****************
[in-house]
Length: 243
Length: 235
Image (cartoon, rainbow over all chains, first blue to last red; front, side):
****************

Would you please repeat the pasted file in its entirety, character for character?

[in-house]
Length: 243
Length: 235
Image (cartoon, rainbow over all chains, first blue to last red; front, side):